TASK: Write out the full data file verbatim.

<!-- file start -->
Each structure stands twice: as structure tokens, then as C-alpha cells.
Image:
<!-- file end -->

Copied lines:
Each structure stands twice: as structure tokens, then as C-alpha cells.
Image: